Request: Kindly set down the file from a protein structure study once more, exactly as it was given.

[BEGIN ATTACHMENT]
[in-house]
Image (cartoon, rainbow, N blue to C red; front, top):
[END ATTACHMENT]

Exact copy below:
[in-house]
Image (cartoon, rainbow, N blue to C red; front, top):